“Christ’s Triumphal Procession!”
First Presbyterian Church of Blackwood
21 E. Church Street
Blackwood, NJ 08012
Sermon Notes (Sunday, April 16, 2023)
Rev. Dr. Mouris A. Yousef, Pastor
“Christ’s Triumphal Procession!”
Psalm 118:15-17; 2 Corinthians 2:14-17
As you may already know, today is the Second Sunday of Easter which means we are still in the Easter season; that is a 7-week season that begins with Resurrection Sunday and goes all the way to Pentecost. To emphasize how foundational resurrection is, from the beginning, the Church of Jesus has chosen from day one to gather on Sundays; not only that, but the Church also dedicates 7 Sundays following Easter to highlight the importance of Christ’s resurrection.
If Christ’s resurrection from the dead has been so important to the early Church, it should be important to us. Resurrection is never meant to be celebrated one single Sunday a year, rather, it should be a source of reflection and rejoicing. So to emphasize the magnitude of that event, I will be delivering a 4-week sermon series on the Church’s response to what God has done in Christ.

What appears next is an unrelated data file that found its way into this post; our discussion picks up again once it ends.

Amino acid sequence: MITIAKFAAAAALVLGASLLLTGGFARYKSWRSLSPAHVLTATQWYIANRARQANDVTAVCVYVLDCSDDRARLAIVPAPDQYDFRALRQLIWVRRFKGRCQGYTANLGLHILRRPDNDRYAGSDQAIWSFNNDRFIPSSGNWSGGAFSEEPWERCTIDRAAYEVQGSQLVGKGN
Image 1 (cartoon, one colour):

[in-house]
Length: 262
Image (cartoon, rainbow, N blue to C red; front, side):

I would like to kick off this series by looking at one of the key Scriptures that gives us a glimpse of how the early Church understood the Resurrection of our Lord. This morning we will be reflecting on 2 Corinthians 2:14-17. “But thanks be to God, who in Christ always leads us in triumphal procession.” Looking at the profound impact of Christ’s resurrection and His fulfilled mission, Paul likens Jesus to a conquering Roman Emperor who triumphantly enters Rome. “But thanks be to God, who in Christ always leads us in triumphal procession,” says Paul in 2 Corinthians 2:14.
Let me briefly say what Paul means by “Christ’s triumphal procession”, then draw a single application from our passage this morning:
The Triumphal Procession
We live in a different world. In 2023, we don’t live in a world where there are many triumphal processions. Yet, even in small communities we are familiar with celebrations for winning teams. We honor those who return with state trophies and professional championships. These always involve team members parading in front of people who cheer for them.